Tegeder said the woman parishioner is scheduled to preach at an April 11 Lenten penance service at St. Edward’s, which is not a Mass. He’d also like her to preach at a Mass celebrating Mother’s Day in May. He said he’s not sure yet if he’ll ask her to preach during the homily or after communion.

This is wrong on so many levels.  Fr. Z pointed out that "lay preaching" is outright forbidden by Redemptionis Sacramentum:

[64.] The homily, which is given in the course of the celebration of Holy Mass and is a part of the Liturgy itself,142 "should ordinarily be given by the Priest celebrant himself. He may entrust it to a concelebrating Priest or occasionally, according to circumstances, to a Deacon, but never to a layperson.143 In particular cases and for a just cause, the homily may even be given by a Bishop or a Priest who is present at the celebration but cannot concelebrate".144

[65.] It should be borne in mind that any previous norm that may have admitted non-ordained faithful to give the homily during the Eucharistic celebration is to be considered abrogated by the norm of canon 767 §1.145 This practice is reprobated, so that it cannot be permitted to attain the force of custom.

However,  while Ms. French states that the Vatican issued this mandate in 2004, it seems to me that she did not do her homework.  Ecclesia de Mysterio, what many consider to be the precursor to Redemptionis Sacramentum, states that:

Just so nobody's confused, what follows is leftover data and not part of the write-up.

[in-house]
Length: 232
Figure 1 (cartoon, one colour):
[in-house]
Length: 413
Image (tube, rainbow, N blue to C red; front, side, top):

The homily, therefore, during the celebration of the Holy Eucharist, must be reserved to the sacred minister, Priest or Deacon(69) to the exclusion of the non-ordained faithful, even if these should have responsibilities as "pastoral assistants" or catechists in whatever type of community or group. This exclusion is not based on the preaching ability of sacred ministers nor their theological preparation, but on that function which is reserved to them in virtue of having received the Sacrament of Holy Orders. For the same reason the diocesan Bishop cannot validly dispense from the canonical norm(70) since this is not merely a disciplinary law but one which touches upon the closely connected functions of teaching and sanctifying

Fr. Tegeder extols the woman's gifts .  However, this is not about how wonderful a speaker she may be; it is about the fact that because she is not ordained to the diaconate nor to the priesthood, she cannot preach during the Mass.

As a woman, I am not offended in the least that I cannot preach.  In fact,  I find both Fr. Tegeder's actions and the woman's cooperation in this matter troubling and disconcerting.   The norms and rubrics that the Church mandates for her liturgies are there to give us the freedom to worship God in a proper and authentic form.  From the very beginning of the Church's history, Christ charged the Apostles and their successors, the bishops, and their collaborators, the priests and the deacons, with the duty of preaching the Word of God.   Women like St. Mary Magdalene and Sussanna, gave of their time and resources to minister to Jesus and tend to the welfare of the Apostolic band.   The Blessed Mother, for her part, constantly reminds us to "do whatever He tells you."

This "doing whatever He tells you" also means obeying the mandates of the Church in their entirety.